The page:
Home Science Energy-saving inspiration from squid skin

Energy-saving inspiration from squid skin

by News Desk
0 comment

A prototype of a multi-layer fluidic system designed by researchers from the T engineering department contains several layers of channels containing fluids with different optical properties. Credits: Raphael Kay, Adrian So

Inspired by the dynamically color-changing skin of creatures such as squid, researchers at the University of Toronto have developed a multi-layered fluid system that can reduce the energy costs of heating, cooling, and lighting buildings.

Optimizing the wavelength, intensity and dispersion of light transmitted through the window, the platform keeps costs low through the use of simple off-the-shelf components while offering far greater control than existing technology.

“Buildings use large amounts of energy to heat, cool, and illuminate the spaces within them. mechanical engineering He holds a PhD in Applied Science and Engineering and is the lead author of a new paper published in a journal. PNAS.

“If we can strategically control the amount, type and direction of solar energy entering a building, we can significantly reduce the amount of work required for heating, cooling and lighting.”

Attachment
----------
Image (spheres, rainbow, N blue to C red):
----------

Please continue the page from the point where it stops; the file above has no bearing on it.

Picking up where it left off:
Certain “smart” building technologies, such as automatic blinds and electrochromic windows that change opacity depending on current, can now be used to control the amount of sunlight entering a room. But Kay says these systems have limitations. It cannot distinguish between different wavelengths of light, nor can it control how light is distributed spatially.

“Sunlight contains visible light that influences the lighting of buildings, but it also contains other invisible wavelengths. infrared lightwhich can be thought of as heat in nature,” he says.

“I want to put both in the daytime in winter, but it’s better to put both in the daytime in summer.” visible light And not heat. Current systems typically cannot do this. Either block both or block neither. They also lack the ability to direct or scatter light in useful ways. ”